By Scott Meeker
SPRINGFIELD, Mo. — In the spur of the moment, Arianna Russell decided to go rogue Tuesday evening.
The 22-year-old Ozark resident was driving to Warsaw when she learned that Sarah Palin would be holding a book signing the next morning in Springfield. She turned the car around and made her way to Borders, where a line had already started to form. She spent the night in a camping chair for the chance to meet the former vice presidential candidate and governor of Alaska.
“It was cold,” Russell said of the night spent waiting outside Borders, 3300 S. Glenstone Ave.
But worth it, she said.
“(Palin) is different than the other candidates who were running in the last election,” Russell said. “She’s straight with you and doesn’t try to hide things.”
Hundreds of supporters from throughout Southwest Missouri were on hand Wednesday morning to greet citizen Palin, who is in the midst of a tour in support of her new memoir, “Going Rogue.”
Brandon Shilling and Chris Fleming drove to Springfield from Joplin early Wednesday morning, arriving at Borders at about 6:30 a.m.
“I didn’t expect to see people with pillows and air mattresses camped out here,” Shilling said. “But I’ve followed (Palin) ever since the campaign and I’ll do anything I can to support her.”
Fleming said he looked forward to being able to meet Palin and express his appreciation.
“It’s an opportunity to shake her hand and tell her that we’re behind her,” he said.
Some of those in attendance Wednesday morning didn’t mince words when it came to why they were there to show support for Palin.
“Obama is a communist and McCain is a socialist,” said Springfield resident Mark Blumenstock, who identified himself as a Ron Paul Republican. “I don’t know what kind of president (Palin) would make, but she’s the voice of the conservative movement right now.”
<img src="http://www.joplinglobeonline.com/images/zope/extra.gif" border=0>Palin supporters gather for Springfield book signing<font color="#ff0000"> w/ poetry written for Sarah Palin </font>
By Scott Meeker
- Joplin Metro
Longtime Democrat dies at 81
Sapp, 81, died Thursday. Funeral services were Monday at the First Presbyterian Church of Joplin. A longtime Jasper County Democratic committeewoman and volunteer, Sapp for years was secretary to the county’s central committee.
Nixon visits Joplin to sign breast density bill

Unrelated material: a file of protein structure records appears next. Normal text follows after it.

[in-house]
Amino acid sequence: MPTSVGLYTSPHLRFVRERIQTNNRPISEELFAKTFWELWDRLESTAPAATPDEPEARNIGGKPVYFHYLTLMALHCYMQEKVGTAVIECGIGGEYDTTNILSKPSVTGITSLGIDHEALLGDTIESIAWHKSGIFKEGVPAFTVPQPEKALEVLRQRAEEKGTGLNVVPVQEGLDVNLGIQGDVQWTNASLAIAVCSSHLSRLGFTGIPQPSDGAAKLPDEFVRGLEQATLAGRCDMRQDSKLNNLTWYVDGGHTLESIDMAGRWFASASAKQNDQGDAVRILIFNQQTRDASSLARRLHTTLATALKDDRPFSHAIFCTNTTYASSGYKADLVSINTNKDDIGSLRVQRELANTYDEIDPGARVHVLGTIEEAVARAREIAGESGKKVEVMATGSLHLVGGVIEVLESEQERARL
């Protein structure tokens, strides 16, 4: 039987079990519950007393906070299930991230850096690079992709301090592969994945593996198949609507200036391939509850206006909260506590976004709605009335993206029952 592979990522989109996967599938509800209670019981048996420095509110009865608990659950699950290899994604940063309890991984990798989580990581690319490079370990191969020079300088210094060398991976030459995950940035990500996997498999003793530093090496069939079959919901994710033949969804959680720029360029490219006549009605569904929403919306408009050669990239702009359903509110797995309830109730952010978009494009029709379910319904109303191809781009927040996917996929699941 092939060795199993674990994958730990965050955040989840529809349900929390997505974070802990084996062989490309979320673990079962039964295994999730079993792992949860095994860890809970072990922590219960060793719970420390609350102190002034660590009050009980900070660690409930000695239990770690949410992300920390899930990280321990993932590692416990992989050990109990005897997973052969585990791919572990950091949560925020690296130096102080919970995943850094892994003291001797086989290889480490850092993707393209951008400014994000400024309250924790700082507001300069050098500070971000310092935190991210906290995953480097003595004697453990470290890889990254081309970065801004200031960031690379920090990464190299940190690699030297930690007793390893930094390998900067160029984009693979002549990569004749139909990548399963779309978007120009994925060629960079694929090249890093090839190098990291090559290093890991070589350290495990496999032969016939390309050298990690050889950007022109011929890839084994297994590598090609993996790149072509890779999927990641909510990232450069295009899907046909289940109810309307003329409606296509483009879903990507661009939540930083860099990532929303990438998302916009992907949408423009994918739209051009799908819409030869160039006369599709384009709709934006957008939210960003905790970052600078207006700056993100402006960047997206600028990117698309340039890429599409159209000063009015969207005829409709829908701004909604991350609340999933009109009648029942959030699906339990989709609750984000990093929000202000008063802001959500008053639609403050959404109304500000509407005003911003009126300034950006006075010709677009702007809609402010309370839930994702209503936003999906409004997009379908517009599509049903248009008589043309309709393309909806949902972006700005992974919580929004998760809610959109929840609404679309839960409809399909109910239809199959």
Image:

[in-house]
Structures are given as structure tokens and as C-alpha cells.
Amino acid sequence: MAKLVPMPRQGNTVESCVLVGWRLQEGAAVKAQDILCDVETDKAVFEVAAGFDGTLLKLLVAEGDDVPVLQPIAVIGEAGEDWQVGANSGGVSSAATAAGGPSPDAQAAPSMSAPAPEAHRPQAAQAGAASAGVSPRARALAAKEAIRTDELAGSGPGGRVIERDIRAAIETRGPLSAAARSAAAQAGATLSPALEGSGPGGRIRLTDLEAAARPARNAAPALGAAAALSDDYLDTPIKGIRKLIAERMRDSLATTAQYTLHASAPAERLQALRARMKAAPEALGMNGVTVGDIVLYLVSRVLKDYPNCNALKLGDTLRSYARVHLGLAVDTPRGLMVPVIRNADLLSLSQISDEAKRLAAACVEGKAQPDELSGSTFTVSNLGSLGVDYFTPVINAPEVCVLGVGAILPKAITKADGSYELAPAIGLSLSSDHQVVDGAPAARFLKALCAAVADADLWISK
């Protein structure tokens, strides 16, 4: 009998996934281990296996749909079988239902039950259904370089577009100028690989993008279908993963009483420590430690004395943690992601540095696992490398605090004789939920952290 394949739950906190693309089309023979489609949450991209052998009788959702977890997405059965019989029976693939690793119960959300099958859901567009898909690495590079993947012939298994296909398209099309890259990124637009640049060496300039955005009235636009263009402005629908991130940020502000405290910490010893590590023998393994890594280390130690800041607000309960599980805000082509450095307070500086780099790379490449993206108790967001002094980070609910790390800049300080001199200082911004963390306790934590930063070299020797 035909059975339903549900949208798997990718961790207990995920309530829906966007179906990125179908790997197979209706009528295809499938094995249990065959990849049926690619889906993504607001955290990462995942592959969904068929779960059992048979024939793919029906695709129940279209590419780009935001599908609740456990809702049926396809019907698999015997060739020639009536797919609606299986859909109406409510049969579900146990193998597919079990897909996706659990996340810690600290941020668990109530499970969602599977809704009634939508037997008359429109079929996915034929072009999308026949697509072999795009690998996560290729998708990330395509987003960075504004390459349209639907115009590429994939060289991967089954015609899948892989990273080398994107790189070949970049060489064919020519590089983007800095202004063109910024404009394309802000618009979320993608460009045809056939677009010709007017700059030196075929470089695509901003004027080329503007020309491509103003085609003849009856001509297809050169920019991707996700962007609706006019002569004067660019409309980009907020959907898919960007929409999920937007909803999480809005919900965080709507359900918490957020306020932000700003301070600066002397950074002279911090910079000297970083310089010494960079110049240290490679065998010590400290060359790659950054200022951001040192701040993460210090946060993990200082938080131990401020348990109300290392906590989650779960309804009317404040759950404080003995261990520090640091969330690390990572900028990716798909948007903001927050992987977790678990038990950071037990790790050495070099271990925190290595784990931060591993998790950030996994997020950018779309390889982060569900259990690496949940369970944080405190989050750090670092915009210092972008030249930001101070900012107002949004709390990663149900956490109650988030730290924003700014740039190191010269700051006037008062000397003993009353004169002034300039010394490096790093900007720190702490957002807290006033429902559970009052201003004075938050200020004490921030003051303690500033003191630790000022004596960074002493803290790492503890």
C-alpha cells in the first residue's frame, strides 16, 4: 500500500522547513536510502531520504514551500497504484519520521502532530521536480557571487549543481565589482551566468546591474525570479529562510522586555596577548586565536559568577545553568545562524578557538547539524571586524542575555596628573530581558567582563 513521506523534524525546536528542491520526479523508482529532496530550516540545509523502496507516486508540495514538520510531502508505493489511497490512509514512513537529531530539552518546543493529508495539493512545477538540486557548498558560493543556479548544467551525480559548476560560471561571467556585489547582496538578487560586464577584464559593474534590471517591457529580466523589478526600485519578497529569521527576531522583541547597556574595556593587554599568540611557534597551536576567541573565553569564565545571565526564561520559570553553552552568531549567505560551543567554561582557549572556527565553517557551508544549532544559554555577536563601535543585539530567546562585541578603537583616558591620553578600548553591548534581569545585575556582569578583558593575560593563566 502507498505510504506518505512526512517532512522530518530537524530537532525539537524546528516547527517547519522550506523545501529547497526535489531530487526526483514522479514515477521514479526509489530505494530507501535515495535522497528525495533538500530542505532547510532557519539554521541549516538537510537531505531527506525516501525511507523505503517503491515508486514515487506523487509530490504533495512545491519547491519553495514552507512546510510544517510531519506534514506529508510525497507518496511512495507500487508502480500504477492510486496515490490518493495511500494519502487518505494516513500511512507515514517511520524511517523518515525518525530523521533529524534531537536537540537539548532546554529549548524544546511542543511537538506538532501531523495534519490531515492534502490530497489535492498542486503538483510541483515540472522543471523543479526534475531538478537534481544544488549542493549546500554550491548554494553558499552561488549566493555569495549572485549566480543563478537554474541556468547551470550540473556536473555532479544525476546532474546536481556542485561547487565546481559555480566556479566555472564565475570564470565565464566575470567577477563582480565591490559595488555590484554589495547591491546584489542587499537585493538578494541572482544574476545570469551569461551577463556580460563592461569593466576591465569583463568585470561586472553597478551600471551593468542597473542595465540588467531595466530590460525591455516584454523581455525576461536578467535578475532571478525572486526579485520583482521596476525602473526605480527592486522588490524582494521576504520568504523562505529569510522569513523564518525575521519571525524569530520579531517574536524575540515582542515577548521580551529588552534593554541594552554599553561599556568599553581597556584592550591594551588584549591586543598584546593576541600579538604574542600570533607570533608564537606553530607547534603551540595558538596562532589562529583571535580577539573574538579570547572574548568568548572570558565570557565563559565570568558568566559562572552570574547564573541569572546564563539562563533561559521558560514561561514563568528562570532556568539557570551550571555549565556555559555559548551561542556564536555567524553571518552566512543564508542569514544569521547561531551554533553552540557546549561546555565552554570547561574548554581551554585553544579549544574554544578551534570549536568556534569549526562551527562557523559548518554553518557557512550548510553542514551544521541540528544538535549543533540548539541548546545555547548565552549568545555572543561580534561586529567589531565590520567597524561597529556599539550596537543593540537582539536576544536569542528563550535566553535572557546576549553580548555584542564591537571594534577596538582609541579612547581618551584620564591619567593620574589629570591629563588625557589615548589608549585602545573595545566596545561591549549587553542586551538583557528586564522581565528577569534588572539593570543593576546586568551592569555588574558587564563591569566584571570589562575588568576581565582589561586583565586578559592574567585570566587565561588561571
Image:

Democratic Gov. Jay Nixon signed legislation at Freeman Hospital on Tuesday that will require radiologists in Missouri to provide information about breast density on post-mammogram reports.
Defendant draws 10 years for assault of ex-girlfriend
A Jasper County judge today sentenced a rural Joplin man to 10 years in prison for an assault on an ex-girlfriend with a walking stick that left one of her eyes detached from its socket.
Rural Joplin child dies from gunshot wound to head
A 3-year-old girl died Monday at 11:30 a.m. Monday at Freeman Health Systems after suffering a gunshot wound to the head. The incident occurred at the child's home in rural Joplin, said Sheriff Ken Copeland.
Suspect in coach's slaying posts bond
Jeffrey Bruner posted bond shortly before noon today and was released from the Jasper County Jail in Carthage.
Downtown group warns about Third Thursday mail scam
Officials with the Downtown Joplin Alliance on Friday announced that a mail scam involving Third Thursday has been discovered.
PART TWO: Joplin City Council report documents continued
As a result of a court order obtained by the Globe against the City of Joplin, and Thursday's waiving of appeal by the City Council, we have received a copy of the Thomas Loraine investigation report that led to the firing of former city manager Mark Rohr. Documents are converted for digital viewing.
The amount of documentation we received is extensive, and testimonies are continued here.
PART ONE: Joplin Globe receives copy of investigation named in court order
As a result of a court order obtained by the Globe against the City of Joplin, and Thursday's waiving of appeal by the City Council, we have received a copy of the Thomas Loraine investigation report that led to the firing of former city manager Mark Rohr. As documents are converted for digital viewing, they will be uploaded here.
In City Council race, Joplin voters elect two newcomers, three incumbents
Joplin voters rejected two incumbents who voted to fire City Manager Mark Rohr, instead electing two newcomers and returning three incumbents to the City Council who had supported Rohr.
Joplin voters reject all three charter changes
The changes were placed on the ballot by the City Council acting upon recommendations by a Charter Review Commission that met last fall.
- More Joplin Metro Headlines
- Longtime Democrat dies at 81